Simple chemical turned into DNA bases and other precursors to life on simulated meteorite surface


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Could meteorites have brought the precursor molecules of life to Earth?

The molecules that kick-started life on primordial Earth could have been made in space and delivered by meteorites, according to researchers in Italy. The group synthesised sugars, amino acids and nucleobases with nothing more than formamide, meteorite material and the power of a simulated solar wind, replicating a process they believe cooked up a prebiotic soup long before life existed on Earth.

Formamide is a simple organic compound first suggested as a starting material for the formation of prebiotic biomolecules back in 2001.1 The chemical has been detected in galactic centres and stellar nurseries, as well as comets and satellites. These latest experiments show that formamide, irradiated by the solar wind – simulated here by a proton beam – and in the presence of powdered meteorites, gave rise to amino acids, carboxylic acids, sugars and nucleosides – the building blocks of DNA and RNA.2

‘Meteorites catalysed these transformations and the best catalyst was the chondrites, the oldest meteorites in space,’ says author Raffaele Saladino at the Tuscia University in Italy. ‘They would be very efficient catalysts during the flight in space and even as they fall down to the surface of the Earth or a similar planet.’

The authors suggest that bombardment of formamide with highly energetic protons could produce radical species that could react to yield complex and biologically relevant organic compounds. They give the example of the synthesis of purine nucleobases by multi-step addition of cyanide radicals to formamide, as previously predicted by another team.3 Saladino’s team has detected key intermediates in this purine nucleobase synthesis pathway in its samples.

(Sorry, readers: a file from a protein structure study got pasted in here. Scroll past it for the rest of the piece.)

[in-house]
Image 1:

Previous research hypothesised such reactions occurring on Earth, powered by meteorite bombardment, but this work raises the prospect of reactions in space facilitating life on Earth or other planets. This scenario suggests that if life formed on other planets it might share similarities with that on Earth.  

Lucy Ziurys, an astrochemist at the University of Arizona, US, previously estimated that in interstellar space 10–10 molecules of formamide exist for every hydrogen molecule, making it fairly abundant by astronomical standards.4 ‘We did some back-of-an-envelop calculations and millimolar quantities could be delivered to a planet surface on carbonaceous chondrites,’ she says. With greater frequency of bombardment, as hypothesised for Earth around 3.5 billion years ago, amounts would go up.

‘There is also thought amongst the astrobiology community that the Earth lost all its early carbon in the form of an atmosphere which escaped – a methane or carbon dioxide atmosphere – so that all the carbon we find on Earth today was brought back by bombardment, so exogenous delivery, and there is a hell of a lot of carbon on Earth,’ she adds. ‘We know from studies of carbonaceous chondrites that it came back in many different forms and why not formamide?’

Saladino says he now plans to investigate if small molecules of RNA can be created via the same route by adding a phosphate mineral to provide the material to form the nucleic acid’s backbone.